Run classic FPS games on the Raspberry Pi
Anyone over 30 may remember playing classic 90s first-person shooters such as Wolfenstein 3D, Doom and Duke Nukem 3D. While a little formulaic, the games always kept you guessing and required super motor control as you navigated Nazi fortresses, hell-infested Martian bases and an alien-infested Earth respectively.
The Raspberry Pi has very humble specs compared to modern desktop computers, but is perfect for playing these classics given that it's over 10 times faster than the average machine in 1995, which had only 8MB of RAM and a 33Mhz processor.
Each of the games listed above was originally released as shareware, in that you could play the first 'episode' or 10 levels free of charge. This was done to drum up interest in the game.
In this guide we'll explore how to download and install software 'engines' for these games, as well as how to play either the shareware or full versions. You won't need any in-depth knowledge of computers.
Provided you have a Raspberry Pi and know how to copy and paste files and text, you'll be able to start playing in minutes.
Read on for more retro gaming nostalgia!
- Want some more ideas for using the mini PC? Check out our collection of Raspberry Pi projects
1. Prepare your Raspberry Pi
In order to begin, you'll need to have your own Raspberry Pi, ideally the Raspberry Pi 3. You'll also need to connect your Raspberry Pi to an external keyboard and to a monitor using an HDMI cable.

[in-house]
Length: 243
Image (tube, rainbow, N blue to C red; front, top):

Next, open Terminal on your Raspberry Pi and install the necessary software by running the following command:
sudo apt-get install cmake libsdl1.2-dev libsdl-mixer1.2-dev libsdl-net1.2-dev libbz2-dev libjpeg-dev libgtk2.0-dev python-imaging build-essential nasm libgl1-mesa-dev libglu1-mesa-dev libsdl2-dev libsdl2-mixer-dev flac libflac-dev libvorbis-dev libpng-dev libvpx-dev libgtk2.0-dev freepats
The installation process will take some time but once downloaded, these programs will allow you to compile the game engines for Wolfenstein 3D, Doom and Duke Nukem on your Raspberry Pi.
After the installation is complete, you may wish to download the game engines themselves.
To download the Wolfenstein 3D game engine, 'Chocolate Wolfenstein' run:
git clone https://github.com/fabiensanglard/Chocolate-Wolfenstein-3D
To download the Doom game engine, 'Chocolate Doom' run:
wget https://www.chocolate-doom.org/downloads/2.2.1/chocolate-doom-2.2.1.tar.gz && tar xzf chocolate-doom-2.2.1.tar.gz
To download the Duke Nukem game engine:
wget http://dukeworld.duke4.net/eduke32/synthesis/20170711-6359/eduke32_src_20170711-6359.tar.xz && tar xpvf eduke32_src_20170711-6359.tar.xz
2. Download game data
If you're interested in Wolfenstein 3D, you can download the free shareware version of the game data files, which contains only the first ten levels, by opening Terminal on your Raspberry Pi and running the command:
wget http://maniacsvault.net/ecwolf/files/shareware/wolf3d14.zip && unzip -X wolf3d14.zip
If you want the full game and have a Windows machine, consider buying the Steam version of Wolfenstein 3D (opens in new tab). Once you've installed the game you can find the necessary data files (with the extension .WL6) in C:\Program Files (x86)\Steam\steamapps\common\Wolfenstein 3D\base. Copy these to your Raspberry Pi.
If you want to play Doom, you can download the free shareware version which contains only the first episode of ten levels by running:
wget http://www.doomworld.com/3ddownloads/ports/shareware_doom_WAD.zip && unzip shareware_doom_WAD.zip
Alternatively if you have access to a Windows computer you can buy Ultimate Doom on Steam (opens in new tab). You can find the game data files (with the extension .WAD) in C:\Program Files (x86)\Steam\SteamApps\common\Ultimate Doom\base